Myanmar’s reformist government has unveiled an ambitious plan to develop a “mini Singapore” on its under-developed west coast, hoping to follow in the city-state’s steps towards economic success.

The massive project includes a vast special economic zone, a commercial seaport, a power plant, an international airport, a highway and a railway linking the seaside town of Kyaukpyu with south west China, reports the Financial Times.

The plant could create about 250,000 jobs in the impoverished region, where electricity and running water are severely limited. The project could also revive the region’s almost non-existent local industry.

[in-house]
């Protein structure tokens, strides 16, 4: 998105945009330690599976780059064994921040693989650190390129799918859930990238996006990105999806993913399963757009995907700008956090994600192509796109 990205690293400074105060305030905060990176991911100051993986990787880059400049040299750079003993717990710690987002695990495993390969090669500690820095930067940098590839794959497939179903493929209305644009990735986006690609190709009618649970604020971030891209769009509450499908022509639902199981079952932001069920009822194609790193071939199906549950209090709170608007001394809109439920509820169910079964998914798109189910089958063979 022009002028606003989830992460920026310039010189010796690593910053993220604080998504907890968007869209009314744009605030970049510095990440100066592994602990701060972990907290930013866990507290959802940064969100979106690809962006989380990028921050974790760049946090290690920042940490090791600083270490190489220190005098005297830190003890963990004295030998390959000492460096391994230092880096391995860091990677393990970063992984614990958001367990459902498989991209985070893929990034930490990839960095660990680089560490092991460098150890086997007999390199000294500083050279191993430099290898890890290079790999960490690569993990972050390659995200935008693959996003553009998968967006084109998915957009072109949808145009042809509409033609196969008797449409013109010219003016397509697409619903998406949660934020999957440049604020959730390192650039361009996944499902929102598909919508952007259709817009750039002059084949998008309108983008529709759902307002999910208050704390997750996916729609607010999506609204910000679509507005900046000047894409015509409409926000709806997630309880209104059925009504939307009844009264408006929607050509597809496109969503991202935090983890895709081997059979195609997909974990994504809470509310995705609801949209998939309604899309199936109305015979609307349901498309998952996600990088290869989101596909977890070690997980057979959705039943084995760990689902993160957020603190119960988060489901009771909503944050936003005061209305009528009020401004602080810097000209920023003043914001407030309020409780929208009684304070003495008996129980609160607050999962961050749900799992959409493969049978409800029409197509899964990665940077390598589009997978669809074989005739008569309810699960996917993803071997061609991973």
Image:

But the plan’s success will not only depend on investor interest but also on avoiding mistakes in the past – such as a lack of government consultation with local people, says U Myint Thein, deputy labour minister and head of the government’s new Kyaukpyu special economic zone agency.

“We must take an inclusive approach,” he told the Financial Times.

Mr. Myint Thein also lauded Kyaukpyu’s strategic location and access to resources, saying investors “will come, because the opportunities are so good – this will revolutionize trade and boost both Myanmar and the regional economy.”

Foreign investments have poured into the once-isolated nation as firms from overseas race to tap the country’s untouched resources.